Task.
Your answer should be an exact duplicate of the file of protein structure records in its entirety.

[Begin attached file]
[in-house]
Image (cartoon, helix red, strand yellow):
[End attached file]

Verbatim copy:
[in-house]
Image (cartoon, helix red, strand yellow):